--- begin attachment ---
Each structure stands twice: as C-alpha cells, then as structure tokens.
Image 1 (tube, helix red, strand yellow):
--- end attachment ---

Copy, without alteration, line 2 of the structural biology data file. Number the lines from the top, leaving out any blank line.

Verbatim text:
Image 1 (tube, helix red, strand yellow):